Sex workers and their allies rallied for law reform and an end to stigma in Brisbane on March 8. It was the first public rally held by Respect Inc, a peer-led rights and support organisation for sex workers. Twenty people wearing red, holding signs and displaying red umbrellas gathered in Queens Garden and marched to Parliament House.
Speaking out against Queensland's 17-year-old sex work laws and chanting, “Nothing about us without us,” workers demanded the Labor state government consult with them to ensure legal changes that would decriminalise their work.
Under the current legislation, sex work is only permitted in a licensed brothel or by private workers working alone. Street-based soliciting and working with another sex worker (very broadly defined) are crimes.
One rally speaker, Jenny King, pointed out that because the current laws are so stringent, most sex workers in Queensland work illegally. She said that only 22 brothels are registered at any one time, and because of the tight restrictions, legal brothels go broke. As an example, she explained that despite Queensland Health having told the government that for hand jobs, it's safe to simply ensure that workers wash their hands afterwards, the legislation mandates that a condom or latex glove must be used. It also makes it an offence for private workers to include the word “massage” in their advertisements – with a penalty including gaol time (not to mention the process of facing a magistrate, with the worker's real name and the suburb they live in liable to being published).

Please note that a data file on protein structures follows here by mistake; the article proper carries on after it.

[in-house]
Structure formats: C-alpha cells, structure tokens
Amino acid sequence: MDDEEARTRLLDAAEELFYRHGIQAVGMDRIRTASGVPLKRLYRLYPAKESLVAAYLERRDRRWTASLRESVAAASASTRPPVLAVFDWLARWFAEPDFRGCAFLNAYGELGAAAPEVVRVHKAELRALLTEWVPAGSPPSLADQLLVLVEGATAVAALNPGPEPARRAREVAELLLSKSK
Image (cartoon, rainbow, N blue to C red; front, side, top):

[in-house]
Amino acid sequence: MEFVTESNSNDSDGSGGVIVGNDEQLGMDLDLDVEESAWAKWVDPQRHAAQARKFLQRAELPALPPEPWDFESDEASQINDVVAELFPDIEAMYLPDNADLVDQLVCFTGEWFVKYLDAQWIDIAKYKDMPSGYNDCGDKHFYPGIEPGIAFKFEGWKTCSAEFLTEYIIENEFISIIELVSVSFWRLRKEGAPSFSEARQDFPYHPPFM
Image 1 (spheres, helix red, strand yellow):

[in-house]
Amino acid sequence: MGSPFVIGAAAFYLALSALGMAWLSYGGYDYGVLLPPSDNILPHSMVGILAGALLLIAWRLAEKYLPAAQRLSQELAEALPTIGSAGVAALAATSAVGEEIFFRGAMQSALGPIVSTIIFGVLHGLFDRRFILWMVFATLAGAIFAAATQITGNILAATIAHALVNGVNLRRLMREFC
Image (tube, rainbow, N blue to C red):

Another speaker, Moose, denounced the provisions of the legislation that allow for entrapment – permitting police to pose as clients and have sex with workers to get evidence against them. He also slammed the stigma surrounding sex work, explaining “someone you know, someone you love, someone you fuck is a sex worker.... but you might not know, because the stigma surrounding sex work means we don't know if it's safe to tell you”.
Rally-goers were angry that there is no priority for the laws to be reviewed and currently there is no mechanism to ensure that sex workers' voices are heard. This is despite the Crime and Misconduct Commissioin recommendation in 2011 that a Ministerial Advisory Committee be created to allow this.
But with a buoyant mood, a range of signs and defiant chants, their message was clear: “What do we want? Decriminalisation! When do we want it? Now!”
[More photos from this rally here.]